"Bamako+5" Conference on Contractual Teachers

27 Oct 2009 to 29 Oct 2009

Co-organized by ADEA, the World Bank, Education International and the Ministry of Education of Mali 

1. Context
The number of teachers needed to attain Education for All (EFA) goals in Africa has been estimated at 2.4 million (UNESCO Institute for Statistics/EFA). This is, however, a conservative estimate, as consideration of attrition rates varying from 5% to 8% under different assumptions, would produce the following scenarios:

  • 2.7 million teachers at an attrition rate of 5%
  • " 3.2 million teachers at an attrition rate of 6.5%
  • " 3.7 million teachers at an attrition rate of 8%

In addition to the challenge of supplying the required number of teachers, there is the question of whether the teaching force can meet the quality criterion. Africa faces a number of challenges/constraints that undermine national capacities to provide a sufficient number of qualified teachers. These constraints include: 

  • " limited training institutions and human resources;
  • " a shortage of post-primary school leavers with the requisite educational background to take teacher training courses; 
  • " very few training programs geared toward preparing school principals and school managers;
  • " limited fiscal capacity to pay decent salaries to teachers;
  • " paucity of innovative/alternative ways of preparing teachers and ensuring their professional development. 

    COMMUNIQUE, Conclusions of the Bamako +5 conference and Emerging Challenges

    • COMMUNIQUE: "Bamako + 5" Conference on Contractual Teachers, PDF
    • Conclusions of the Bamako +5 conference, Ahlin Byll-Cataria Executive-Secretary, ADEA, Powerpoint PDF
    • Some Messages on the ''Bamako + 5'' Conference, Mamadou Ndoye, Powerpoint PDF 

      Press Releases

    • First Press Release, Tunis, 23/10/2009, PDF
    • Press Release for the opening of the conference, Bamako, 27 October 2009 PDF

      Conference Documents
      Word PDF Documents 
    • Draft Agenda, PDF
    • Concept Note, PDF
    • Composition and Status of Primary Tea EFA, PDF
    • Technical Repport : Follow-up workshop to the conference on contractual teacher PDF
    • The Impact of HIV and AIDS on Teachers:National Responses to prevent and mitigate impact, Peter Badcock-Walters, PDF
      PowerPoint PDF Documents 
    • Policy Framework on the employment, social protection and career management of contractual teachers, PDF
    • Trends in primary school enrollment since 2004,Jean?Pierre Jarousse, UNESCO BREDA Pôle de Dakar, PDF
    • Technical Repport : Follow-up workshop to the conference on contractual teacher PDF
    • Conclusions of the Bamako +5 conference, Ahlin Byll-Cataria Executive-Secretary, ADEA, Powerpoint PDF
    • Some Messages on the ''Bamako + 5'' Conference, Mamadou Ndoye, Powerpoint PDF

One of the major education policy issues that has emerged as a result of the situation described above is the recourse to contractual or community teachers to bridge the gap left by the shortage of teachers. In most cases, this new category of teachers obtains very poor results, owing to their low educational attainment and insufficient training, combined with unattractive terms of employment. Instead of being a temporary stop-gap measure to cope with the shortage of teachers, recruitment of contractuals has intensified, and in some countries they now outnumber qualified teachers.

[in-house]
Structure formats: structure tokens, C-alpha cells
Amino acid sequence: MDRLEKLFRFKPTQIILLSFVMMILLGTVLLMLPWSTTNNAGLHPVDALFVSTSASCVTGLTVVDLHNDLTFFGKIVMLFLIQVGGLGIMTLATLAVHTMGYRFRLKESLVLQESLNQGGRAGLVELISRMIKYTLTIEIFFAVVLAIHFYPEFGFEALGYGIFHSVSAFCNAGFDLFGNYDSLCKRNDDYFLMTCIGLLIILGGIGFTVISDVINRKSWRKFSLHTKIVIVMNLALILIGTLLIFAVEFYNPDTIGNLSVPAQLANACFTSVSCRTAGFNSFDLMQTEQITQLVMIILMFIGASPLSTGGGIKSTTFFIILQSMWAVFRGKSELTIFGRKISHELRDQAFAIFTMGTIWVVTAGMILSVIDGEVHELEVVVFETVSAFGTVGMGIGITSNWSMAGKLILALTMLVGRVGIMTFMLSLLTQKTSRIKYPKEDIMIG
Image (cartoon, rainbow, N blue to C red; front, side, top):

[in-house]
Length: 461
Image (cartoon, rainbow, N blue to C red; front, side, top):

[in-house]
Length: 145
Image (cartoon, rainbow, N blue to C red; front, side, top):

In November 2004, the Association for the Development of Education in Africa (ADEA), in partnership with the World Bank and Education International (EI), organized a conference in Bamako to address the recruitment and employment of contractual teachers in Francophone African countries. A consensus emerged from the Bamako Conference, now referred to as the Bamako Consensus, recognizing that

"the use of contractual teachers offers a number of opportunities. All the countries that have taken this path have made very significant progress in enrollment. However, recourse to contractual teachers undoubtedly entails risks for the quality of the education provided and for the retention and effectiveness of teaching staff. Countries need to meet certain minimum criteria for recruitment, training, contracts and working conditions. It is thus becoming increasingly urgent to implement a framework for resolving questions on the recruitment, training, social protection and career track of such teachers." 

The conference therefore recommended the development of a policy framework to assist governments in gradually integrating and providing professional development for contractual teachers in Francophone countries.

A follow-up workshop held in July 2007 in Dakar produced preliminary versions of two instruments designed to guide countries in their efforts to formulate policy in this regard:
- a policy framework for the recruitment, training and professional development of contractual teachers;
- a policy framework establishing career tracks, opportunities for advancement, guarantees of social protection, and the rights and obligations of contractual teachers. 

Click here for more information about the context

2. Issues
See box 1 below for the issues of the 2009 Bamako Conference.

Box 1: Issues of 2009 Bamako Conference

Recourse to contractual teachers has raised - and continues to raise - a number of questions concerning recruitment, training and working conditions. While most of the countries concerned have recognized the need for a minimum level of academic attainment to join the teaching force (diploma attesting to completion of four years of secondary education), the question of whether to raise this level is currently on the table, owing to the progress made in knowledge acquisition and enrollment as well as the deficiencies observed in the performance of this category of teachers. Given the pool of potential applicants for primary school teaching posts in the countries concerned, is it worthwhile and feasible to raise the required level of attainment today or in the near future? What consequences would this have? Another issue related to recruitment is that of how to select among applicants. Competitive examinations would seem to guarantee the objectivity and transparency of the selection process, as well as ensuring that the best applicants are hired. How then can we explain the persistence of questionable recruitment methods? Can we identify the best recruitment procedures and consider harmonizing them?